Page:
# Physiology Practical(2010/11) : Measuring Body Parameters

Topics: Body fat percentage, Heart rate, Pulse Pages: 5 (1631 words) Published: December 3, 2012
BS0005-Physiology PRACTICAL(2010/11) : Measuring Body Parameters

Introduction:

Physiology is the study of the functions of living organisms. In this physiology practical, measurements of 41 students’ weight (kg) using electronic weighing scales, height (cm) using height measuring scales, skin fold thickness using callipers (mm), heart rate by counting pulse rates were made and then these results were tabulated on an excel sheet. The aim of this practical is to deduce how students’ weights and heights are distributed and observe if they fall within the normal range.

Method: “refer to schedule”

Results:

The extreme values are the minimum and maximum values. In our class of 41 students, the lowest height measured was 1.38 m and the highest height measured was 1.895 m. As a result the range of the height measured is 0.515 m. Moreover, the mean height for the class was 1.7 m. Moreover, the largest weight measured was 108kg and the lowest weight measured was 36kg. So the range for the weight measured is 72kg. The mean weight for the class was 58.75 kg. Furthermore, the smallest BMI calculated was 16.0 and the highest BMI calculated was 70. Therefore the range for the BMI is 54. And the mean BMI for the class was 24.1. The highest pulse rate measured was 120 bpm (beats per minute) and the lowest was 60 bpm (beats per minute). So the range of the heart rate for the class is 60 bpm (beats per minute). In our class the highest percentage of body fat was 43.7 % and the lowest percentage of body fat was 8.1 %. Consequently the range of the percentage of body fat is 35.6%.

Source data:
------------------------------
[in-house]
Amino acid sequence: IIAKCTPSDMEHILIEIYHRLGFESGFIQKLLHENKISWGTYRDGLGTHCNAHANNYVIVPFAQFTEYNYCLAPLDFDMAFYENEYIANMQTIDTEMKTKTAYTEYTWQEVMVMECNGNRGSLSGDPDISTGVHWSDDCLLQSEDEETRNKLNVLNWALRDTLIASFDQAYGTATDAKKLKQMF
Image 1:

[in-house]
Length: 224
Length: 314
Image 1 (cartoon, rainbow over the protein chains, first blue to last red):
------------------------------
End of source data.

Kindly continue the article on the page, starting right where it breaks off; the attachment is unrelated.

Discussion:

Lifestyle, age and genetics affect weight, height and therefore BMI and your heart rate. Overall and on average, males are taller than females as seen in the results. For example, heights of some males include 1.79 m, 1.71m, 1.75m compared to some heights of females of 1.67m, 1.58m and 1.63m. This difference arises because males have a growth spurt at the end of puberty which is of greater duration than females till the epiphysis fuses. Consequently, epiphysis closes later for males than females. This all allows males to be on average 13cm taller than females. Moreover, male’s rate of growth is faster than females due to higher blood testosterone levels during puberty which stimulates faster growth. Furthermore certain individuals were short compared to others with heights of 1.53m, 1.55m, and 1.63m while others were tall with heights of 1.75m, 1.71m and 1.79m. These differences can be attributed to genetics factors and environmental factors such as nutrition and lifestyle. Genetics factors attribute 60-80% while environmental factors such as diet attribute 20-40% to the height of an individual.

28 students had heart rates which were between 60-90 beats per minute at rest which is considered to be normal with values such as 80bpm, 88bpm, 78bpm and 68bpm. This implies that those students didn’t require much oxygen to be supplied to their muscles because there was not much requirement for energy to do much physical activity. In effect, this decreased their heart rate and less oxygen was being circulated via the heart and blood vessels. Certain individuals had a resting heart rate at rest higher than 100 with 104 and 108 bpm which is called tachycardia and is considered to be not fit. This could’ve been due to low fitness level or not a true representation of their resting heart rate because of anxiety, previous caffeine intake or previous physical activity. While some students had quite low resting rates with 68 bpm and 60 bpm which shows that these students were the fittest from the class.

There were students with small weights of 48kg, 53kg and 55kg, while other students had large weights such as 80kg, 94kg and 100kg.This difference could have been due to factors such as nutrition where people follow a balanced diet while others don’t; variations in physical activity...